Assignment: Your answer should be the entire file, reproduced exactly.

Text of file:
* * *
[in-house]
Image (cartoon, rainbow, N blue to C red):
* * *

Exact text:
[in-house]
Image (cartoon, rainbow, N blue to C red):